Some productions tell a story. Others are more about the production itself than the work at hand, offering striking visuals in lieu of a coherent narrative. Director Calixto Bieito’s treatment of Kátya Kabanová falls among the latter, more style than substance. And the delicate title character is hardly a character at all, a clichéd victim of domestic abuse rather than the hopeless romantic Janáček sought to portray.

Peter Berger (Boris), Alžběta Poláčková (Kátya) and the National Theatre Chorus
© Zdeněk Sokol

Bieito has directed two operas at the National Theater this season, and this one opens as the flip side of the other (Schulhoff’s Flammen) – instead of an ominous black box, the set is a blindingly white box. Open grid panels covering the top and air vents and ladder rungs in the walls suggest a giant animal cage, an impression reinforced by the abstract staging. Characters occasionally interact, but mostly they stay far apart, singing to no one in particular, lurking in shadows and moving apparently at random. Kátya spends much of the first act literally bouncing off the walls, climbing the ladder rungs and then pacing back and forth, like a trapped animal looking for an escape.

In this sterile, claustrophobic atmosphere, there’s no opportunity for relationships to emerge or develop. Cardboard figures come and go, and eventually one can discern that the man who refuses to tell Kátya he loves her and beats her instead is her husband, and the woman who handles her roughly and throws her to the ground is her tyrannical mother-in-law. As Kátya and Boris, Alžběta Poláčková and Peter Berger manage to bring some genuine moments of warmth and affection to their illicit tryst, though even that ends with him taking her pinned up against the wall, like a captive butterfly. With human connections and sympathetic characters absent, there is little for the audience to identify with or care about, just a visceral depiction of a doomed woman.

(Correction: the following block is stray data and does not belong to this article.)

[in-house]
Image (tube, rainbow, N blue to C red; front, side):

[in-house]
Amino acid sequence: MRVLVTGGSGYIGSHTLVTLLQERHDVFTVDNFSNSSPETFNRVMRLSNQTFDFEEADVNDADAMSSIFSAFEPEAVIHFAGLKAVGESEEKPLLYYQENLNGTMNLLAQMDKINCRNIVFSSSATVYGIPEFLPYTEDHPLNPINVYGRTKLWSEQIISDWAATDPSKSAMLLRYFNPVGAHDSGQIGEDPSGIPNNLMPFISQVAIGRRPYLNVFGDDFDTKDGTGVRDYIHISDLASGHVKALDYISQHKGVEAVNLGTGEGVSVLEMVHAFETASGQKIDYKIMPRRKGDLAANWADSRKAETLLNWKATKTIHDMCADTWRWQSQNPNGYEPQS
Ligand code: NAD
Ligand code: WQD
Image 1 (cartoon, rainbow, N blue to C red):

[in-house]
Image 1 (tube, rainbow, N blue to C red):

Josef Moravec (Kudrjáš) and Alžběta Poláčková (Káťa)
© Zdeněk Sokol

On that level, the production works very well. There are searing, indelible images at fraught moments – Kátya and Boris lit so they cast large silhouettes that put their secret assignation on vivid public display, and their final parting played out against a backlit swirl of curling mist. The third act offers a powerful invocation of the source material (Russian author Aleksandr Ostrovsky’s play The Storm), as the stage darkens and the rear wall slowly drops to become a large trough that fills with water. Kátya wades through it, imagining birds and flowers on her grave before plunging into the black pool amid a sudden burst of rain. After the stark white desert of the first two acts, the effect is stunning.

Alžběta Poláčková (Kátya)
© Zdeněk Sokol

Among a serviceable cast, Alžběta Poláčková deserves special mention, not just for her singing, which glowed with yearning and tenderness. She spends much of the evening curled in a defensive ball on the floor, gamely singing on her knees and being physically abused by anyone who gets within arm’s reach. And she’s thoroughly soaked after being pulled from the water, looking a bit worse for the wear when the lights came up for her solo bow. When she was not playing a tortured Kátya this season, Poláčková had the title role in a controversial postmodern production of The Bartered Bride in which she broke her ankle and finished the opera on crutches, watching an understudy sing her role. If the National Theater were giving out medals for valor onstage, Poláčková would be first on the list.

Peter Berger (Boris) and Alžběta Poláčková (Kátya)
© Zdeněk Sokol

Conductor Jaroslav Kyzlink showed a craftsman’s expertise in the pit, elucidating the fine details in the score and setting note-perfect atmospherics. For this piece to work, the music has to blend a sense of foreboding and guilt with the desperation of unrequited love, a combination he struck to great effect. As in every Janáček opera, the orchestra has a language all its own. If the tight fit between music and singing that characterize the best performances of Janáček’s work was missing from this one, Kyzlink nonetheless evoked his unique musical style in convincing fashion. And while the National Theater Chorus never made an appearance onstage, its offstage interjections added electric intensity to the final scene.

Give Bieito credit for bringing an original vision to the piece, which in the end seems misplaced. Kátya Kabanova is a tragedy that relies heavily on human characters and digs deep into their emotions – which, portrayed properly, are universal. Drained of those elements, it offers no hope for love or redemption, just a brutal descent into the dark abyss that awaits the sinful and unfortunate.

***11